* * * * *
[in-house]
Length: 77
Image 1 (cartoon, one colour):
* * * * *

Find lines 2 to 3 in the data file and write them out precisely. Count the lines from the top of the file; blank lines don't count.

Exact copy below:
Length: 77
Image 1 (cartoon, one colour):